Painted Hall conservation tours

IMG_9448_2

Last week the Londonphile had a superb day out getting up close and personal to the Old Royal Naval College’s Painted Hall. Right now this Baroque gem is getting a bit of a clean-up, with conservators tackling 50-plus years of accumulated grime. They’re working on the west wall first, with a deadline of the end of April. So while normal visitors to the Painted Hall will find that area covered over (with a very realistic-looking copy of the painting), those booked onto the conservation tours the ORNC is currently running can go behind the scenes, meet the conservators and get a truly bird’s eye view of James Thornhill’s masterpiece.

IMG_9562_2

The Painted Hall was designed by Wren and Hawksmoor in 1698 and was originally intended to be a dining room for the naval veterans who lived here at the Royal Hospital for Seamen. Thornhill took a staggering 19 years to complete the elaborate painting of its interior. It was soon decided that the hall was much too grand for its original purpose and it quickly turned into one of London’s first paying tourist attractions. Today you can visit the hall for free – and I personally believe that it is one of London’s most under-appreciated gems.

IMG_9494

Stepping behind the cover hiding the west wall on a Meet the Conservators tour, you first encounter the very large – and high – scaffolding which the conservators are using to restore this massive work. Work began on December 3rd – this is actually the tenth restoration of the hall, the first being just five years after it originally opened. The most recent restoration was undertaken in 1957 and saw 15 layers of varnish removed. The work was conducted to such a high quality that the thinly-applied varnish layer from that time will now be retained, while a thorough cleaning is undertaken, primarily using cotton wool swabs and water.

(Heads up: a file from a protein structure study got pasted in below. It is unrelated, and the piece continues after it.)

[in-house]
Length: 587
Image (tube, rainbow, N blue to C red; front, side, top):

IMG_9488

It’s quite a thing to ascend the scaffolding and see the west wall up close. We first climbed six metres to the first visitor viewing platform, where we had a talk from a conservator and watched another at work at close hand. We then moved to the second platform, at ten metres high, which was almost within touching distance of the Painted Hall’s ceiling (see below). These tours provide such a unique opportunity – it’s hard to imagine when visitors will have another chance to see the hall from such a viewpoint. And they’re free!

IMG_9528

This is the first phase of the restoration only, with the hall’s main ceiling the next major area in line for a clean-up. So far the process has discovered all manner of dirt attached to the walls, including various pollutants, grease, dust, debris – and even some gravy. Ultimately, a new lighting scheme will also be installed in the hall, enabling a clearer view of Thornhill’s work. In the meantime, the ORNC is offering three types of conservation on selected dates until mid-April – Meet the Conservators (Fridays), Open Scaffolding Sessions (Tuesdays and Thursdays), and Conservation in Action (Saturdays and Sundays). All are free but require pre-booking on 020 8269 4799 or via boxoffice@ornc.org